Why are companies allowed to bundle lottery tickets with their products? It's no less of a tax on stupidity than the standalone lotteries are.
Source: My siblings and I sent in about 60 self addressed stamped envelopes between us one year a long time ago. We won a lot of Egg McMuffins and not much else.
Though having an employee steal the winning prize does make the game much less fair.
There's the Canadian statistician who found a weakness in the algorithm producing "random" scratchie tickets.
Thinking a system is secure just because there is a process in place, however careless the design, seems like a recurring theme (society?).
I wonder if it's a psychological bias (or lack of security awareness) in the sense that you'd rather trust an system you can observe than a secure black box. Or maybe it is the fact that the workings of the system in place can act as a distraction to its possible flaws?
The importance of the process is mainly to allow passing of responsability to someone lower down the chain or sideways ("competent external contractors we hired"), then insurance takes care of the rest.
ISO certification in a nutshell
ISO-9001 is not meant to certify quality, but to certify that your quality management meets certain criteria, so that relevant information is recorded and made available for people to judge if if meets their requirements.
I don't know if it's true anymore, but I wish people would look into charities before giving that much needed money.
I don't know why people who have the ability to give to charities--never seem to look into the financials?
I know what I said is sac religious, and I'm probally wrong.
I just know of a lot of smaller nonprofits that need money. They don't incorporate in delware. The principal founders don't make much money. I probally shouldn't have said anything?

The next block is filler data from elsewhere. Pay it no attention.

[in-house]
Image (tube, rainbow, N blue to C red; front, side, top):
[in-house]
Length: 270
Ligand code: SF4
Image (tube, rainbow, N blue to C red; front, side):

They spend 68% of their donations on program expenses, 10% to administrative overhead and 20% on fundraising expenses.
I'm not sure how a charity that funds a research hospital for children can even be "overfunded", medical research is one field that seems capable of absorbing infinite money.
They also have shrimp and a really good cherry pie thing that also come with pieces...
The Monopoly incident in comparison is just boring manipulation of insider information.
As a kid, I was banned from an arcade in my home town for being a bit too good on a certain ticket giving arcade machine (probably around 1995)
The manager was having to reload the machine with tickets too often when I was on it, it actually got to the point where she was standing behind me, watching me win the jackpot probably 2 out of 3 games... after winning several hundred dollars worth of prizes/tickets, I was awarded my tickets and asked not to return.
I actually did my Christmas shopping that year at the prize counter with tickets.
The linked documentary is well worth watching, though.
As the documentary points out, they just didn't think that anyone would be able to "aim and hit" the square they wanted - but they were mistaken, and paid for that complacency. They did not make the mistake a second time.
Keep in mind that this happened in 1984. The board squares were physical panels, and the panel selection software was analog.
In gaming, a random outcome is one the player can't accurately predict or influence. The Press Your Luck board at the time fit that definition, but Larson proved that was not a safe assumption.
Another article I read said he later went on to settle for "undisclosed amount of millions of dollars".
Michael Larson wasn't a theft. He played fair and square and got no unfair advantages. He broke no rules and collected his winnings.
The McDonalds guy just stole a bunch of pieces, gave back the money he made, and went to jail.
They have nothing to do with each other.
The main value of the product is the food. Even if all the prizes were stolen, I'm not sure if there would be a 'victim' in the consumer.